Thursday, July 4, 2019

Return To Sender


50 years after landing on the Moon there is once again a race to return. Why it has taken this long is open to debate but it would appear the stars have finally aligned with a combination of private industry know-how, government funding, and a renewed interest in space travel. As beautiful as our planet Earth is, it will ultimately die, and we need to develop the technology that will enable us to move on.


In the 1960's the program to get to the Moon was called Apollo but this time around it has been named Artemis. Artemis was the sister of Apollo in Greek mythology and was also the goddess of the Moon. While the project has now officially launched it will still take until 2024 before the first woman and next man land on the Moon following a 3 stage process.

Orion spacecraft


Orion Spacecraft

The first stage is an uncrewed flight to the Moon and back with the Lockheed Martin built Orion spacecraft and, as its testing continues to progress successfully, Artemis 1 is scheduled to take place starting July 2020. Once that has been completed the 2nd Artemis flight will take place with a full crew in 2022. After Artemis 2 the various components of the Lunar Orbiting Platform-Gateway will be put in place in preparation for Artemis 3 in 2024.


The key to the Artemis program is putting a Lunar Orbital Platform-Gateway into position over the moon that will act as a base station similar to the International Space Station orbiting Earth and using many of the same components such as the docking system and the Canadarm. The LOP-Gateway will provide a place for astronauts to live and serve as a staging point for manned exploration of the Moon. Ultimately it will also act as a base for going to Mars.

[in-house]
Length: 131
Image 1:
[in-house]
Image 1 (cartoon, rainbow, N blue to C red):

Lunar Orbital Platform Gateway

Getting from the LOP-Gateway to the surface of the Moon and back will be using a lunar lander and ascent stage built by Blue Origin (owned by Jeff Bezos of Amazon fame). Future missions envision setting up a lunar outpost for various scientific experiments and doing on-site resource utilization and mining. Not only is this practical, if it can supply things like water, oxygen and rocket fuel, it could also be extremely profitable.



Lunar lander & ascent stage

The surface of the Moon has been discovered to be covered with a dust-like material called regolith which in turn contains water, oxygen, various heavy metals, and Helium-3. Helium-3 is a non-radioactive isotope of Helium and has the potential to be used as fuel in fusion reactors to produce vast amounts of energy without radiation. Helium-3 is estimated to be worth $5 billion a tonne and there are an estimated one million tonnes of it on the Moon. Only 500 tonnes of Helium-3 could supply all of Earth's energy for a year. Getting some of it back to Earth would be a nice return to the sender.

Artist rendering of a mining base on the Moon

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